Speaker 3:
30:29
Yeah. Well, the first thing is that the, um, you have to, it's like a typical message that you give even beyond classrooms. You have to know your audience, you have this perspective, this, um, overview of what your students know. Then start designing a multimedia or any other t technology goal, a tool for, for those students on bearing in mind that as they continue learning, you'll have to change this eh, multimedia designs. So that's leads to the second main point, the most important eh variable that you need to know about students to design any instructional material. And of course multimedia is, what's the words, the prior knowledge that they have is not the same to design a multimedia for novices that to design a multimedia for experts. So some, sometimes much information is going, many different kinds of information is going to be counterproductive for novices, but for experts is going to be challenging and motivating.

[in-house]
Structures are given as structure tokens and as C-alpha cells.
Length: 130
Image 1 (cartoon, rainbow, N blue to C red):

Speaker 3:
31:41
And the third one, the third one will, would be to, to keep in mind that technology is a tool. And so there are good and bad uses of those. And I will say, tell the teachers that they have to be brave enough to try new technologies, but also they have to be conservative enough to use the old technologies that they've been using and that they feel confident with. For example, a textbook study images, I dunno where PowerPoint versus VR because the most important thing is is is to keep in mind that you're using tools and you need to know the knowledge of your students. They are not good and bad technologies. They are good and bad teachers.
Speaker 4:
32:24
Perfect. Well, Dr Chris Castro, we thank you very much for your time. This has been a fascinating conversation as ever. Yes.
Speaker 3:
32:32
Thank you. Thank you Shana.
Speaker 2:
32:37
[inaudible]
Speaker 1:
32:44